by Jim Banke for NASA Aeronautics Research News
Washington DC (SPX) Dec 27, 2012
Traveling by air this holiday season, or any time of year? If so then you'll be in the company of millions who are directly benefiting from the ongoing research performed by NASA's aeronautical innovators now, and in the future.
During 2012, NASA's Aeronautics Research Mission Directorate continued a wide range of research projects aimed at advancing the science of flight. Among the goals: enhancing safety, designing more fuel efficient jet engines, enabling quieter airplanes and improving air traffic management while also seeking to educate and inspire future generations of aviation experts.
NASA's "aeronauts" even had a hand in helping scientists learn about the Martian atmosphere during Curiosity's nail-biting descent toward the Red Planet in August.
Here are some highlights from 2012.
Meanwhile, working with the California Polytechnic State University in San Luis Obispo, Calif., NASA researchers tested a 2,500-pound aluminum and steel model of an airplane that looked like its wings were put on upside down, with its jet engines installed on top of the wings. The unusual-looking model was designed to test ways for an aircraft to make short take offs and landings, fly fuel efficiently at cruise altitude, and do so more quietly than today's modern airliners.
The project was named for famed aviatrix Amelia Earhart and called AMELIA, short for Advanced Model for Extreme Lift and Improved Aeroacoustics. Like the X-48C, information gleaned from AMELIA will lead to future aircraft designs that dramatically reduce fuel use, noise and emissions. Read More
Quieter Supersonic Flight
Following a series of research flights last year, NASA engineers in 2012 poured over information they gathered from residents near Edwards Air Force Base in California to see how well they did in generating sonic booms with NASA's F/A-18 jet that could barely be heard on the ground. The Waveforms and Sonic boom Perception and Response, or WSPR, project gathered data from a select group of more than 100 volunteers. A final report on the study is due soon.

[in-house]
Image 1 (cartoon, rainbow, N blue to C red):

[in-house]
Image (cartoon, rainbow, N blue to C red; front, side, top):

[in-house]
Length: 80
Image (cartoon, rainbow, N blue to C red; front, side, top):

Another phase of this research began in 2012 with the Farfield Investigation of No Boom Threshold, or FaINT. Using NASA's F/A-18 supersonic jet, project researchers will try to better understand what's happening at the very edge of the sonic boom, or just beyond. Read More
Improving Air Traffic Management
NASA Aeronautics transferred a new technology to the FAA at the beginning of 2012 that tackles the problem of congested airspace near terminals. Congested airspace limits the number of incoming aircraft and increases local noise, emissions and fuel waste. Developed and field tested by NASA in partnership with the FAA, the Efficient Descent Advisor, or EDA, helps air traffic controllers better manage incoming traffic to reduce delays while avoiding flight path conflicts between aircraft.
EDA has the potential to reduce local noise and emissions pollution, reduce flight time and save $300 million per year in wasted jet fuel. The FAA will deploy EDA's capabilities in phases, with some functionality on line as soon as 2014 and the full EDA by 2020. Read More
One of the key avionics technologies at the heart of NextGen is a device called the Automatic Dependent Surveillance-Broadcast, or ADS-B. This new gadget provides detailed and accurate information to air traffic controllers about the position of the aircraft in which it is installed, allowing for more precise operations in congested airspace.
During 2012, NASA placed the ADS-B device on its 66-foot wingspan unmanned aerial vehicle "Ikhana." With ADS-B on board, the Ikhana provided much more detailed position, velocity, and altitude information about itself to air traffic controllers, airborne pilots of other ADS-B equipped aircraft flying in its vicinity, and to its pilots on the ground. ADS-B is a cornerstone capability required in the NextGen by January 2020. These tests help NASA assess ADS-B's ability to safely integrate unmanned aircraft into the national airspace system. Read More
Capturing Data during Mars Entry